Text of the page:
In the comments on the last post Old MD Girl rightly pointed out: It is our job to care.
Last week's Friday Links was dedicated to the humanitarian response after the earthquake in Haiti. That disaster awakened the sympathy and generosity of the world, but the news cycle moves on. Each day the updates on Port-au-Prince get shorter and shorter until in a week or two you won't hear any more at all. We might just assume everything is better. The fact is that our neighbor Haiti was a humanitarian disaster even before quake. "Port-au-Prince, on a good day, looks semi-destroyed."
It is our job to care, but we often forget.
So for this week's Friday Links I give you: Doctor John Carroll and his wife Maria.
Doctor Carroll is twice the physician I am. He is an ER doctor in Illinois who has been going to Haiti for 15 years and finding children with life threatening congenital heart conditions that he brings to the US for surgery. Johh and Maria have an organization named Haitian Hearts that it appears they run completely by themselves. They have saved thousands of lives. They were in Haiti before the quake and will be there after.
Doctor D once met John Carroll, long ago when D was a college student. John Carroll sat down with young D and spoke to him about caring for patients. He was the first doctor that D ever met that he wanted to be like. After meeting John Carroll, D went home and signed up for the MCAT.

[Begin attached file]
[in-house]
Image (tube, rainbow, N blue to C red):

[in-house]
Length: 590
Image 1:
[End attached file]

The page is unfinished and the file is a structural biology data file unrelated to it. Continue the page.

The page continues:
Well, I'm a doctor now, but unfortunately I'm still nowhere near the kind of person that John Carroll is.
Finding John's blog Dying in Haiti and Maria's blog Live from Haiti has been a breath of fresh air for Doctor D. Sometimes I forget why I chose this profession. My caring gets worn out and jaded. The Carrolls are a constant reminder of medicine at it's best. The Carrolls' stories of their work and their patients are inspiring. John's bravery and his uncompromising stand for his patients just might be infectious.
Seriously, you should subscribe to these blogs. Don't forget those who are suffering, and for those of us that work in healthcare don't forget why we do this.
John Carroll is a real hero for Doctor D. I might not be an MD if it weren't for him. Do any of you other healthcare worker have heroes like this? I would love to hear about them in the comments.